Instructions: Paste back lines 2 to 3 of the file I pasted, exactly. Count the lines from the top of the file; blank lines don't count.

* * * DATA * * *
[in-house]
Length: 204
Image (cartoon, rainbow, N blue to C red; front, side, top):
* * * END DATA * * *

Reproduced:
Length: 204
Image (cartoon, rainbow, N blue to C red; front, side, top):